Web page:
Thursday, January 17, 2008

Failure Works Wonders

I don't know about you, but I really hate to lose. And, losing isn't always just a tally on a sheet of paper or lit up bulbs on a scoreboard. It's when I fail to meet my personal expectations in life.

This can be something as simple as a personal challenge like losing weight, or a debate over who sang an obscure song in the early 80's. I want to be successful, and I want to be right.

And, if you're like me, you spend several hours per week in meetings and conversations with co-workers and colleagues. Many of these interactions center around brainstorming ideas that will connect with people. For NorthStar Church, creative elements include graphics, catchy tag lines, song choices, and stories that can be told on video.

When these meetings are at their best, all of us in the room are firing out ideas. Occasionally, all of us are stumped and have brain freezes, and at other times an idea "clicks" immediately and all of us know the exact direction to take.

Admittedly, I am not the most creative person in the world. In fact, in a room of 12 people, I may not fall in the top 10 in creativity. But, on that rare occasion when I do have an idea to contribute, many times I am reluctant to mention it to the group. Why?


It's not my fear of them. It's my fear of rejection. My fear of failure. In my mind, I tell myself, "That's a horrible idea. They won't like it."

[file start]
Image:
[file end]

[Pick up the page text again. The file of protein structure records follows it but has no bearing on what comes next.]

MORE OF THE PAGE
But, what I've got to do is realize that when I choose to keep my ideas to myself, we all lose. The value I can add to the group by sharing an idea - good or bad - outweighs the perceived value I have placed on avoiding rejection.

Sometimes it hurts to "put yourself out there" for people to scrutinize and judge. Sometimes that means failure - at least in our world's view. But, despite the discouragement caused by failure, there is a hidden positive found in it.

Thomas Edison once said, "I haven't failed. I have just found 10,000 ways that won't work."

Mostly, failure is an attitude. And, quite honestly, it's something I really have to work on.

Here's the bottom line: you're guaranteed of failing by not trying at all.

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